- add the optical field contribution from the LUT for the given depth level to the current WRP.

When all the points within one WRP zone are calculated, the current WRP diffraction pattern is propagated by angular spectrum propagation to the next WRP. As explained in section 3.1, the kernel of the inter-WRP propagation is precalculated, since it is the same for all the inter-WRP propagations. This step is then repeated for the next WRP until

*WRP*is reached._{L}

- 5. When the last WRP zone (L) is calculated, the diffraction pattern is propagated to the hologram plane (HP) by angular spectrum propagation.

## 4. Experiments

To demonstrate the validity of the proposed CGH approach, we have generated a set of digital holograms according to the specifications of currently commercially available Spatial light modulators (SLMs), i.e. 1,920 × 1,080 resolution at 8 *μm* pixel pitch (Table 1). We have used different 3D object point data sets, a.k.a. point clouds (see Table 2). The simulations ran on a computer with a 2.10 GHz Intel Core i7-4600U CPU processor and Windows 8.1 (x64) as operating system.

#### 4.1. CGH without occlusion processing

We validate our method by comparing the generated CGH to the original ray tracing method Eq. (1). In both cases, we do not apply any occlusion technique to demonstrate the equivalence of the methods for non-occluded surface renderings. For this experiment, we used only the front part of the point data set Venus (34,195 points). It has to be noted that when applying the proposed method we used a point size of *σ* = 0, corresponding to the perceived size of the ray tracing method – to have a more fair comparison, since it assumes dimensionless discrete points.

The results are depicted in Fig. 4. The visual comparison even suggests the superiority of the proposed method compared to the ray tracing method. Ray tracing appears to give rise to a noisier reconstruction and a minor loss of accuracy in the depth reconstruction. These observations can probably be attributed to the window support incorporated in the proposed method such that the wave propagation is confined by the diffraction angle.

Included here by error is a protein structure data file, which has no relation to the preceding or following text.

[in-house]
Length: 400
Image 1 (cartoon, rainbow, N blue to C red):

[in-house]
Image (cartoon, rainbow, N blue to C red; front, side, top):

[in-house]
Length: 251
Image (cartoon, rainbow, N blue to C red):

#### 4.2. CGH with occlusion processing

The importance of occlusion processing in CGH can be understood intuitively. Without applying an occlusion culling technique, the object’s surface seems transparent and it is impossible to distinguish between the front and the back parts of the surface, since all of the points are shown. With occlusion processing, only the visible part of the object is shown, accomplishing a more realistic effect. The methodology used is suitable for both sparse and dense models and can provide texture effects for dense point clouds. Figure 5(a) shows another modeled object in (a), while the reconstruction of the CGH generated by rotating the object are illustrated in Fig. 5(b) and Fig. 5(c). In Fig. 5(b), the orientation is such that the front holes match the back holes, since the model is symmetrical and angular propagation is an orthographic projection, while in Fig. 5(c) the back part of the ball is visible through the front holes, but is out of focus as expected.

Additionally, Fig. 6 shows the numerically reconstructed images from the CGHs generated by the proposed method. For all CGHs the number of depth levels per WRP is 63 (LUT levels), while the other parameters are calculated automatically based on the properties of the data set, e.g. the density of the point cloud and the depth of the object. For the occlusion processing for the specifications used, a value of 12 to 20 [*μm*] was selected for *σ*.

We used angular spectrum propagation as reconstruction method and the reconstruction distance in all cases is the distance *z _{wL}* of the last WRP to the hologram plane. The dimensions and the viewing angle of all images are 15.36 × 8.64 mm and 4.5º, respectively.

#### 4.3. Full parallax